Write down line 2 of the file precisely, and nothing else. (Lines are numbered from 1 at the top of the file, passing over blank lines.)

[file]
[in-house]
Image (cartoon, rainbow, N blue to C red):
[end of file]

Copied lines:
Image (cartoon, rainbow, N blue to C red):